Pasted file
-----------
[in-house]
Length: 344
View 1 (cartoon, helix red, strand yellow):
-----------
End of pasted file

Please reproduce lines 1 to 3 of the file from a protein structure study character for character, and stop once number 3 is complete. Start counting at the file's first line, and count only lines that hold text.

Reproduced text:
[in-house]
Length: 344
View 1 (cartoon, helix red, strand yellow):